One public calendar, compiled by RedState.com, lists more than 400 congressional town hall meetings in the month of August. It's likely not an exhaustive list, but it represents an average of more than 13 live town halls conducted per day in America during the monthlong span. At these meetings, there were fewer than ten documented incidents that could be described as violent, and most of them involved very little physical contact.
The first of these came Thursday, August 6, in Tampa and St. Louis. Liberal health care groups and the DNC had encouraged union representatives to show up in force for Obamacare. The Service Employees International Union (SEIU) was an official sponsor of Representative Kathy Castor's town hall in Tampa, and at a meeting hosted by Castor's Democratic colleague Russ Carnahan in St. Louis, there was a heavy presence of attendees wearing the union's trademark purple shirts.
In Tampa, there were scuffles at the doorways as event organizers shut the doors on protesters who felt they were being unfairly boxed out, but there were no reports of charges filed or injuries--just a picture of a man with a ripped shirt. Inside the hall, a St. Petersburg Times photographer snapped Karen Miracle slapping Barry Osteen in the face. Miracle turned out to be the treasurer of a local Democratic club, and Osteen an Obamacare critic. Miracle claimed she was protecting her husband, with whom Osteen was arguing, but a slideshow depicts Osteen barely moving a muscle in a series of eight pictures, while Miracle and her husband move closer to him.
In St. Louis, several video cameras captured an altercation between Kenneth Gladney, who was selling "Don't Tread on Me" flags and buttons outside, and several purple-shirted SEIU members. Witnesses said Gladney, who is black, was addressed by an SEIU member using the "n-word," who then assaulted him. Gladney went to the hospital with minor injuries, and two SEIU members, including the local SEIU public service director Elston McCowan, were among the six people arrested in St. Louis that night. An unidentified female was arrested in connection with the same altercation. A video of the event shows her approach an Obama critic filming the Gladney incident, and then smash the camera into the filmer's face. The female assailant was later cuffed by police at the scene, also on tape. The SEIU later claimed that Gladney was the aggressor, but a video shows a different picture. Gladney is outnumbered and visibly shaken as one SEIU member yells on tape, "He attacked America!" before challenging Gladney's defenders to a fight and hurling profanities at the filmer.
When Nancy Pelosi appeared in Denver the next day, Obama supporters countered Obamacare critics with pre-printed signs from Health Care for America Now and Organizing for America (the group directly descended from the Obama presidential campaign). A Denver Post photographer caught one of those sign-bearers, a grim-faced woman in a "HOPE" Obama shirt, ripping a homemade anti-Pelosi sign from Obama critic Kris McLay's hands as she yelled in protest. The Obama supporter declined to be identified for the photo.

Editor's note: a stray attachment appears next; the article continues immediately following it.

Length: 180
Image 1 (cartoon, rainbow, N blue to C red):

At Arlen Specter's town hall on August 11, an Obama-care critic was roundly criticized as a loon for standing up and yelling at Specter about his right to "speak my mind before I leave." While he did disrupt the event, what most news accounts ignored was the escalation afterwards. An Obamacare supporter tried to manhandle the critic out of the room, which can be seen on the video shot by every network. At that point, Specter stepped in forcefully and effectively, and police closed in, calming the scene before it got out of hand.
At Representative David Price's August 13 town hall in Durham, N.C., sponsored by the state employees' union, Obama critic Gene Ellefson was punched at the beginning of the evening, surprising the relatively quiet crowd and witnesses, who said there was very little arguing leading up to the punch. "I was punched with no blood drawn by an older man who didn't like comments I made . . . to a stranger sitting nearby who was also a conservative," said Ellefson, who pressed charges and has a court date in September. "I was not belligerent and I was not shouting as I have seen in other coverage of these types of events. There was very little yelling at all at this event."
According to local media, the perpetrator seems to have been a man wearing a union sticker named Woffozo Humphries who was escorted out by police. In a video of the aftermath, a liberal audience member is heard asking, "Do you have health insurance?" to laughter, as Ellefson leaves the auditorium.
Altercations featuring Obama supporters as the aggressors hardly fit the climate-of-fear storyline of the mainstream media, so it must have come as a relief to liberals when one of the violent, racist "teabaggers" they'd been conjuring finally seemed to show up. At a St. Louis town hall meeting on August 11 hosted by Democratic senator Claire McCaskill, a white man tore away the sign of a black woman before police stepped in and escorted both parties out. The left labeled it a hate crime, saying the poster was taken because it had Rosa Parks on it. But there was more to the story than that, and it's quite plausible his motivation wasn't racial at all. There were no signs allowed inside the auditorium. In video shot before the altercation, three women with posters enter the auditorium, marching in dramatic protest style. The crowd yells, "No signs!" several times, before McCaskill herself tells them they must put them away, at which point one of the women remains standing, seeming to taunt the crowd. When a reporter comes over to inquire about her poster, the man steps in and rips it away. He was arrested on suspicion of misdemeanor assault.
On August 25, liberals were once again delighted when the Democratic party headquarters in Denver was vandalized, attributing the 11 broken windows to efforts by the "other side" to "stir up hate." It turned out the guy doing the stirring up and breaking windows was one of their own--Maurice Schwenkler, who worked for a Democratic candidate in 2008 and is a member of Denver Bash Back, a group of "radical gay, lesbian and transgender individuals," according to the Denver Post. In another act of vandalism, a swastika was painted outside black Georgia Democrat David Scott's office, and attributed by the left to a racist element on the right, but police have yet to find a suspect.
In a fitting turn of events, an August 25 town hall meeting of Virginia Democrat Jim Moran also saw an altercation. Fitting because Moran may be the only congressman with an entire section of his Wikipedia page dedicated to "assaults and threats"--featuring the congressman as the perpetrator (including a 2000 dust-up with an Alexandria, Va., second-grader).